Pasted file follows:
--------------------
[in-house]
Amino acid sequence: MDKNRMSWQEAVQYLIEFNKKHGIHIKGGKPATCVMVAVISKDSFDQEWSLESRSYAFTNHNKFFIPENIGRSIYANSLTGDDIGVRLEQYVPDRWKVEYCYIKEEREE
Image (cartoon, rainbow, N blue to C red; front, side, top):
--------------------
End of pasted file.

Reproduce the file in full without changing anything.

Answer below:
[in-house]
Amino acid sequence: MDKNRMSWQEAVQYLIEFNKKHGIHIKGGKPATCVMVAVISKDSFDQEWSLESRSYAFTNHNKFFIPENIGRSIYANSLTGDDIGVRLEQYVPDRWKVEYCYIKEEREE
Image (cartoon, rainbow, N blue to C red; front, side, top):